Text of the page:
The first part of the book is the best, I think. It seems far enough away to be told with a more complete sense of the time and place where the events were happening. Later in the book, at around the point where Steve Jobs comes into the picture, the Pixar Touch changes from one of innovation and movie making to the nasty politics behind sleazy deals and tough negotiations. Frankly, I would have liked less of the Hollywood sleaze and more on the making of the films themselves. It's as if as the films become more popular, Price becomes less interested. That doesn't mean that he doesn't cover the background of each film well, he does (with the exception of Ratatouille which is presented in a very sketchy fashion), but he seems to be more at home describing the boardroom brawls and angst of the participants than in Pixar movie-making. He also fails to really look deeply into the films and try to find out what made them so popular. I missed comparisons to other great filmmakers like Hayao Miyazaki. Where Pixar often remains formulaic and sentimental in it's story telling, Miyazaki uses the same ideas to much greater and more mature effect. Sadly, no such comparisons or discussions appear in the Pixar Touch.
However, I recommend The Pixar Touch, as it is a readable and well-researched book. There is a complete bibliography and notes which are almost as interesting as the text. I did find the writing a bit stiff at times and, as I mentioned, there is too much of the sturm and drang of Hollywood business deals to make it a definitive work. I suspect that in tandem with To Infinity and Beyond: The Story of the Pixar Animation Studio written by Karen Paik, Ed Catmull and John Lasseter, these two books together would probably get you as behind the scenes as you could get. That and the actual DVD Extras which are on each disc of films like Toy Story, The Incredibles and Cars.
Pixar is an extraordinary film company with an equally remarkable history. The Pixar Touch is a good introductory guide. One that will most likely lead you back to the films themselves (especially the early Siggraph films) which is what a book like this should do. Recommended.
The Pixar Touch: the Making of a Company, available at Amazon.com
To Infinity and Beyond: the Story of the Pixar Animation Studio is a lavish, well illustrated coffee table book with none of the padded material you find in most books of this type. Highly recommended.
Leslie Iwerks, (granddaughter of famous Disney illustrator, Ub Iwerks) created a documetary (not seen by this reviewer) called “The Pixar Story”, which was released in July of 2007. From the trailer, it looks great.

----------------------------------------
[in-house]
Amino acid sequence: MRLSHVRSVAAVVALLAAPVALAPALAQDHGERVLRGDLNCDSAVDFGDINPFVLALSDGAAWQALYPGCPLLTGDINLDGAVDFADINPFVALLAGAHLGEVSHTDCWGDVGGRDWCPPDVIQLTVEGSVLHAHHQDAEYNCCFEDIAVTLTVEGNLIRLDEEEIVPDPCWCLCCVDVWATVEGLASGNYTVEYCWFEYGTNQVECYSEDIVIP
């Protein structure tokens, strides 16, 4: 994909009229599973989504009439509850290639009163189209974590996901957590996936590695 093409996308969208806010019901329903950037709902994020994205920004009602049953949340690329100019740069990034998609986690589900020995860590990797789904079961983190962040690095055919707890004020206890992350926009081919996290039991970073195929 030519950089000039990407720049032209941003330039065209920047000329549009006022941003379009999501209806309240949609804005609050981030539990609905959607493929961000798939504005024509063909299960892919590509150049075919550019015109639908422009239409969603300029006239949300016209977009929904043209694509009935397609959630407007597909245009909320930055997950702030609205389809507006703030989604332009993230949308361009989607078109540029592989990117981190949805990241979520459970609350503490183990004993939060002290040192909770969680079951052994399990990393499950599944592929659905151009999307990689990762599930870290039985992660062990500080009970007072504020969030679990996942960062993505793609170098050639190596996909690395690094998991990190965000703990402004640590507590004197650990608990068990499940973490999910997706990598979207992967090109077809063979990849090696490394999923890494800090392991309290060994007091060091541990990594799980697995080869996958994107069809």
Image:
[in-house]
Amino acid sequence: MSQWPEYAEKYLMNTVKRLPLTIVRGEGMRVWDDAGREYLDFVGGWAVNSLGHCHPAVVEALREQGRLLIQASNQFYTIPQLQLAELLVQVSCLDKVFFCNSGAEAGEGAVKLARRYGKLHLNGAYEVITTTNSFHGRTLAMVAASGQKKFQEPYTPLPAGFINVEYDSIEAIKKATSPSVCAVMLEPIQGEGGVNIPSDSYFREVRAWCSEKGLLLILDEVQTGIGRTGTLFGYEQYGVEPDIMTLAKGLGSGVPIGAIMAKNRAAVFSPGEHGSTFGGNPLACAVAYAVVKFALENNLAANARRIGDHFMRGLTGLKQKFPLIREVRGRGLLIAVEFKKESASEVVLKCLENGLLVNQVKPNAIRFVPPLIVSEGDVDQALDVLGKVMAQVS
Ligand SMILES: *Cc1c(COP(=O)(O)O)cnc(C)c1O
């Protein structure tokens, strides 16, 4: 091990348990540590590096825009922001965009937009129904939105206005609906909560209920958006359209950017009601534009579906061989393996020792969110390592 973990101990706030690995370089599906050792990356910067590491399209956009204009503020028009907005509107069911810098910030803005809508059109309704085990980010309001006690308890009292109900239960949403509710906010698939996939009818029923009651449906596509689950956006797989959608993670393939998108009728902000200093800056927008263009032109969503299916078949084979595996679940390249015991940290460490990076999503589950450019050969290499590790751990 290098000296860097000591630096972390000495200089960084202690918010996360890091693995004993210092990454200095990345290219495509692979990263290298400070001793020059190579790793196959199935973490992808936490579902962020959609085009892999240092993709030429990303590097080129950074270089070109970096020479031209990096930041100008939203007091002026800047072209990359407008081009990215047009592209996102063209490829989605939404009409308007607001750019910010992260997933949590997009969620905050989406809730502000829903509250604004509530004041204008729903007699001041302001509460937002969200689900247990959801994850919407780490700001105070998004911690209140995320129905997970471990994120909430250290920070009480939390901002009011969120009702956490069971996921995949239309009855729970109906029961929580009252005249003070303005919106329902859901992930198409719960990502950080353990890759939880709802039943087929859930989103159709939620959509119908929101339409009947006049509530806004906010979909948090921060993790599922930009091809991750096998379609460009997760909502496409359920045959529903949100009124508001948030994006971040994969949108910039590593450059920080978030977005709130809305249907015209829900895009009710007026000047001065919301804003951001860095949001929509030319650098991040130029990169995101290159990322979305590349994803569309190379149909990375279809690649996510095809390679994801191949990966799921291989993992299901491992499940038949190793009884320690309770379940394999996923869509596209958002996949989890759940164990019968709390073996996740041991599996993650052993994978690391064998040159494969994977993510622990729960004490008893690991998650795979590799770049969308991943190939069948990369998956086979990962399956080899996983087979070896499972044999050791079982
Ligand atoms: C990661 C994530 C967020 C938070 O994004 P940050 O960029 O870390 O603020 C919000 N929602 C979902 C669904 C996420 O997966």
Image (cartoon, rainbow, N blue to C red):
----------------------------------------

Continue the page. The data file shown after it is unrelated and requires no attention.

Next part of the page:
Pixar has released a superb DVD collection of their early films under the title Pixar Short Films Collection: Volume 1, which includes the early film Luxo Jr (1986) and Knick Knack (1989), all the way up to short films created recently, like the absolutely hilarious Lifted (2007).
Of course, each film has excellent supplements included on the DVD version of the film. I highly recommend both Brad Bird films (I didn't even to talk about him in the review!), The Incredibles and Ratatouille, which have highly interesting (and entertaining) documentaries and commentaries on the their supplements discs.
YouTube, believe it or not, has some excellent Pixar-related material. The Computer Museum has posted the entire 2006 “Pixar – A Human Story of Computer Animation”, which features Brad Bird, Ed Catmull and a host of other Pixar greats recounting the history of Pixar and the ideas behind the company.
In addition to dozens of Pixar-related short films and outtakes, there is also an extended Charlie Rose interview with Steve Jobs and John Lasseter. At almost an hour, it's well worth the time.
And, of course, the Pixar website is very well-designed and features a ton of content, including a basic history of the company and lots of clips and behind-the-scenes material.
Ricky Grove [gToon], Staff Columnist with the Renderosity Front Page News. Ricky Grove is a bookstore clerk at the best bookstore in Los Angeles, the Iliad Bookshop. He's also an actor and machinima filmmaker. He lives with author, Lisa Morton, and three very individual cats. Ricky is into Hong Kong films, FPS shooters, experimental anything and reading, reading, reading. You can catch his blog here.
May 12, 2008